Two days in Memphis. Two visits to iconic recording studios.* Two very different experiences.
Just to remind anyone who doesn’t have the history of rock music in their heads: Sun Records, which bills itself as the place where rock and roll was born, was the label that launched Elvis Presley, Johnny Cash, Jerry Lee Lewis, Carl Perkins, Roy Orbison–I don’t need to go on do I? Stax Records, founded only seven years later, was home to Otis Redding and other stars of soul, funk, and blues. Between them, these two labels provided a big chunk of the sound track of your life if you are an American baby-boomer, plus or minus a few years. As far as My Own True Love and I were concerned, both were a must-see.
A visit to Sun Studio is a low-budget, low-tech, highly satisfying experience. A passionate, knowledgeable (and in our experience at least, very funny) docent led our tour group upstairs into an exhibition space (once an informal flophouse for impoverished musicians) where he told the story of how Sam Phillips founded the label in 1952, stopping to play relevant musical clips that had the multinational, multi generation wiggling to the music. The exhibits had the “run up by loving hands at home” feel of a small town historical society museum. We moved down into the recording studio itself, where the story and the music continued: Elvis winning a contract with a last-minute save,** the night the Million-Dollar Quartet jammed at the studio, the closing of the studio and its subsequent re-use for a string of non-music businesses, and the re-opening of the original studio as a recording space where music notables such as U2 and Bonnie Raitt come to record as an act of pilgrimage. The tour ends with the opportunity to ham it up with a vintage mike. Over the course of an hour and a bit I shared an excellent vanilla malt with My Own True Love, got choked up, laughed, and wriggled to the music. I think it’s fair to say that I was not the only happy human walking out the door at the end of the tour.
On the surface there was every reason to believe that a visit to the home of Stax Records would be just as satisfying. Like Sun Records, Stax has great music to draw on, an engaging built-from-the-bootstraps story with founders*** who were passionate about what developed into soul music, artists whose own rags-to-riches stories are as appealing as the story of the company, and a history of cooperation across racial lines. Like Sun Records, Stax has a feel-good second act. The Soulsville Foundation, which owns and operates the museum in the old movie theater where Stax produced its iconic records, also runs the Stax Music Academy and the Soulsville Charter School, both of which provide music education to kids. From my perspective, the Stax Museum was a missed opportunity.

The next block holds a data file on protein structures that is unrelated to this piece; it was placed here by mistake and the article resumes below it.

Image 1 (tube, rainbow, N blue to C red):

Unlike Sun Studio, the Stax Museum is highly produced, using all the tricks of modern museum technology. It could have been spectacular. At the purely visual level, it was spectacular. But they lost the thread of their story. Instead of using their artists and the music to illustrate the central story, they tried to squeeze all the individual stories into a single exhibit. Worse, from my perspective, they had music and interviews running continuously so that they ran together into a muddy background of sound. It was a shame.
When I left Sun Studio, I was bouncing in my bop-around shoes. When I left Stax Records, I felt like I’d been bludgeoned with a recording mike. Luckily, if you are interested in the history of rock, the Stax Museum website does exactly what I had hoped the museum would do and does it really well. It tells the Stax story clearly, gives you opportunities to listen to the music and butt-dance in your chair,**** and makes an appeal for support for music and education program in a depressed neighborhood that produced an astonishing number of major musical talents in the mid-20th centuries.
And speaking of dancing around the room…..
* Not mention the Cotton Museum, the Ornamental Metal Museum, a few strolls along Beale Street, and some fabulous BBQ.
**Phillips turned him down twice.
***Jim Stewart and his sister Estelle Axton. St + Ax= Stax. A minor revelation. I had always assumed that Stax referred to a stack of 45 singles waiting to drop onto the turntable of a small record player like this one:
[If you’re reading this in your email, you may not be able to see the record player. Click the post title and it will take you to the browser, where all will be revealed.]
****Or get up and dance around the room. Always a good idea in my opinion.
“Sun Studio, Memphis” by David Jones – Sun Studio, Memphis. Licensed under CC BY 2.0 via Wikimedia Commons
“Staxmuseum2005” by No machine-readable author provided. Wisekwai assumed (based on copyright claims). – No machine-readable source provided. Own work assumed (based on copyright claims).. Licensed under CC BY 2.5 via Wikimedia Commons.